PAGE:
Safety & Compliance

FMCSA Proposes to Negotiate Driver Training Rule

August 19, 2014

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The Federal Motor Carrier Safety Administration is taking another swing at a driver training rule, this time suggesting negotiations to resolve details that sidelined an earlier proposal.

At issue is the agency’s seven-year effort to come up with standards for entry-level driver training. A year ago the agency pulled its proposal because of disagreements over how it should work, even though there was general agreement with the concept.

Now the agency is proposing a negotiated rulemaking. It has hired a “convener,” Richard Parker of the University of Connecticut School of Law, to see if agreement is possible among carriers, driver groups, trainers, state agencies, safety advocates and insurance companies.

Parker will interview the interested parties and assess the possibility of agreement. The agency will use his report to determine whether or not to proceed with negotiations.

If the agency decides to go forward, it will invite representatives of these interests to collaborate on a draft of a proposed rule. If they can do that, the draft would be posted for public comment.

The negotiation will have to resolve differences over basic details such as whether training should be measured by hours or by performance.

Other issues are how driver training schools should be accredited, if there should be a graduated licensing program and how the behind-the-wheel portion of the training would be conducted.

In addition, the 2012 highway bill, MAP-21, requires the agency to establish a training regime that addresses safety performance and hazmat operations, and it must certify that applicants and trainers meet federal standards.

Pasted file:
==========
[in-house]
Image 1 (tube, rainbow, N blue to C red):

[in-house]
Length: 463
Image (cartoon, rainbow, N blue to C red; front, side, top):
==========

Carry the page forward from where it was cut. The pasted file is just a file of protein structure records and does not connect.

Comments on the negotiated rulemaking approach are due by September 18.


  1. 1. Matt Chase [ August 21, 2014 @ 09:19AM ]

    As a one time instructor for a private school accredited and certified to administer proper driver training, and everything else and beyond, the student has to know. Plus a 23 year driving career where I have been a trainer at various times, and I am one of those type of persons that can to analyze a person by talking with (them) Filling their minds with DOT rules and regulations, what the FMCSA current standards are regarding HOS, and training ones on HAZMAT procedures in driving and handling. I certainly am willing to admit that I do not have all the answers for an optimal solution in driver training. But I am convinced simply because the stench of the proverbial horse that we have been beating on is nothing but a carcass that has been left and already picked over and over by the vultures and other carrion scavengers. The blue ribbon panels, or special meetings where experts assemble and discuss problems then come up with solutions that best fit (who?). Drivers or Industry lobbyists? Who supplied the dinner and cocktails served afterwards?

  2. 2. Chris Bordeaux [ August 25, 2014 @ 12:39PM ]

    I agree with everything what Mr. Chase has said. I have been driving since 1977 and developed a full scale in house training program with assistance from various Insurance safety professionals to train new drivers. These students are then sent to State Certified Third Party Examiners for final testing. I would put the safety records of any of my 60+ students up against the students from Accredited Schools. This all comes down to the fact that all training needs to be based on performance. At least this "Convener" is looking to hear from us. I never received any response from my 7 page report on Entry Level Training that was sent in seven years ago to the NPRM.


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